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Supreme Court commissioner temporarily lifts Kent's ban on medical marijuana collective gardens
Washington Supreme Court Commissioner Steven Goff granted a temporary stay on Wednesday that lifts the city of Kent's ban on medical marijuana collective gardens.
A King County Superior Court judge on Oct. 5 upheld the city's ban. But Deryck Tsang, who owns a Kent medical marijuana collective garden, joined several other plaintiffs to request a stay to the order.
The ruling means Tsang can re-open his Herbal Choice Caregivers business along West Valley Highway in North Kent. Tsang closed the business after the Superior Court ruling. No other collective gardens are known to be operating in Kent.
"I'm extremely happy," said plaintiff John Worthington, of Renton, who added Tsang will re-open his business Friday. "We will carve up the city of Kent. Their federal argument did not work and neither did their argument about governor vetoes."
Tsang did not return an email for comment about the case.
The Kent City Council voted 4-3 last June to ban collective gardens because it believes the businesses violate federal law that lists marijuana as an illegal drug under the federal Controlled Substances Act. State law allows medical marijuana use but council members decided the state law remains unclear about distribution of the drug and doesn't want any medical marijuana businesses operating in the city.
Deputy City Attorney Pat Fitzpatrick said the Supreme Court ruling wasn't unexpected.
"The city is not surprised by the order," Fitzpatrick said in an email. "The threshold for obtaining a stay of an injunction in a case such as this is low. The party requesting the stay need only establish the existence of a debatable legal issue. In no way does this order imply that the Superior Court committed an error when it ruled in the city’s favor."
The state allows medical marijuana use by patients who may participate in collective gardens. Tsang's lawsuit challenges the city's ability to employ a zoning ordinance to prohibit medical marijuana collective gardens within all of its zoning districts.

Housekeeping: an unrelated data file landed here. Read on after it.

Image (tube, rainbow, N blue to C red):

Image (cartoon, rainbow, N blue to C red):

King County Superior Court Judge Jay White upheld the city's authority for the outright ban. Tsang's request for a stay was based on delaying enforcement of the ban pending review of the Superior Court decision by the Supreme Court.
In his commissioner role, Goff serves as gatekeeper for the Supreme Court, helping to review and analyze the hundreds of petitions and motions that come to the court each year. His office has a primary role in determining which cases will be heard by the full court.
In Goff's ruling, he wrote, "Mr. Tsang has presented a debatable issue under this standard regarding whether the power to regulate community gardens through zoning includes the power to zone them out of existence. Under the new (2011) legislation, the medical use of cannabis in accordance with the terms and conditions of the act 'does not constitute a crime,' and qualifying patients and others who act in compliance with the act are not subject to 'civil consequences.'"
Goff continued that nothing in the state law (RCW 69.51.040) "precludes a qualifying patient or designated provider from engaging in the private, unlicensed, noncommercial production, possession, transportation, delivery or administration of cannabis for medical use."
Goff said the city has made contrary arguments and that "these arguments may ultimately prevail in this appeal. But Mr. Tsang has at least a plausible argument for his position on the subject."